The scores of people lined up outside seemed normal. But once they paid their $10 admission fee Saturday morning and filed into the Oddities and Curiosities Expo at the John A. Alario Sr. Event Center near Westwego, all indications of normalcy evaporated immediately.
“So cute,” gushed Lorelei Hedrick of Gulfport, Mississippi, studying a tiny turtle carcass preserved in a glass jar by a century-old process called “diaphonization.” It had caused the creature to become as translucent and brightly colored as a gummy bear. The silhouette of its tiny bones could be clearly seen through the jellied, rainbow flesh.
Hedrick happily plopped down 70 bucks for the macabre, palm-sized treasure. “I bought him because he has such a cute little face,” she said. “I actually have a whole room dedicated to stuff like this. There’s a parlor where you can look at all my cool stuff.”
A sign at the Aphelion Necrology booth, where Hedrick bought her Technicolor turtle, assured shoppers that all of the specimens had been “ethically sourced,” presumably meaning that the turtles, snakes and baby kangaroo had died of natural causes before being, uh, diaphonized.
The Aphelion Necrology booth was one of 125 exhibitors from across the United States gathered in the show, which travels to 26 cities from coast to coast. Hedrick was among a predicted 5,000 visitors to the event, which blended the wonders of zoology with tongue-in-cheek ghoulishness. It was a place where Grizzly Adams and Morticia Addams could easily find common ground.
Nick Cestone, a purveyor of skulls and bone-based arts and crafts, said his biggest seller was the brass knuckles made from the toothy jaws of deer. Potential customers want to be reassured that, if they were to punch someone in the face with the $20 to $40 knuckles, it would leave tooth marks, he said.
Asked to explain the enthusiasm his customers have for bones, skulls and such, Cestone said that he thought they had the kind of moms who encouraged them to “go outside and get dirty and find something.”
Stephanie and Brian Magby are still going out and finding things. Such as delicate mouse and parakeet skeletons that they pose in shoebox-sized cityscape dioramas scrawled with authentic-looking miniature graffiti tags. “There’s a lot of apocalyptic stuff going on,” Brian Magby, with sublime understatement, said of the disquieting artworks.
Stephanie Magby explained that the couple’s charmingly grotesque sculptures, which can run to $350, were inspired by a naturally mummified mouse they discovered under their mattress.
Speaking of rodents, New Orleans artist Miette Jackson displays powder blue-dyed, stuffed rats as if the tiny taxidermied pests were either entering or escaping a hole in a small picture frame. She said the front half of her rats cost $100, while the rear ends cost only $80 because “the butts don’t take as much work.”
Some of the show’s vendors eschewed artistry altogether and simply offered unaltered preserved animals. On Saturday, bargain hunters could have purchased an enormous vintage water buffalo head and shoulders for $4,500, a caribou trophy for $500 or a whole stuffed baboon for $1,000.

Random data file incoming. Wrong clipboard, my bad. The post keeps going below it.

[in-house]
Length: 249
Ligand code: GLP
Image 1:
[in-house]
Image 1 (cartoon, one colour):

There would seem to be nothing more captivating than crumpled creatures in jars of alcohol, especially murky alcohol. Such things, which are known as “wet specimens” in the biological studies trade, drew an awe-struck crowd at the show.
The jarred cats were some of the most disturbing offerings. At $75, they were also some of the most expensive. Rattlesnakes cost $50, the best-selling octopi were $25 and tiny leeches were $5. As Boss, owner of the Bossities wet specimens booth, joked, “They’re really easy pets.”
At $25, the pickled parasitic fish known as lampreys probably provided the most creepiness for the buck. As Rose F of the Bossities booth put it, “The lampreys make you cringe, if you’re normal at all.”
One of the most stomach-fluttering objects in the entire sprawling show was the $950 embalming kit from the 1930s, complete with tools, makeup and four bottles of embalming fluid. When asked whether the antique kit came with a cadaver, Justyn Travers, owner of Dark and Deviant Oddities, laughingly replied: “I can’t do all the work for you.”
Not everyone was eager to discuss their odd and curious purchases. The handsome young man proudly carrying the handsome stuffed crow declined to describe the motivation behind his purchase. And when asked what she planned to do with a $5 bag of snake ribs, a woman wearing fluorescent green work boots said, “spells.” She would not elaborate.
“You don’t know somebody’s weird until they feel at home,” said Michelle Cozzaglio, who founded the Oddities and Curiosities Expo with her husband in 2017, “and we try to provide a safe place to feel at home. New Orleans is weird anyways.”
Cozzaglio hit the nail on the head. Despite the endless array of forbidding displays, the Expo vibe wasn’t alienating, it was inviting. To wander the aisles was like being invited to the world’s best Halloween party held in a haunted hunting lodge, connected to a mad scientist’s laboratory, occupied by an artists’ commune. Wonderment was in the air. After all, deep down we’re all fascinated by the icky stuff that reminds of death and, conversely, of life, aren’t we? It’s just normal.
The expo lasted only one day. Cozzaglio promised it will be back next year.
All manner of mayhem can snarl New Orleans’ streets. Potholes, unfinished construction, floods – each can clog an artery in the blink of an eye.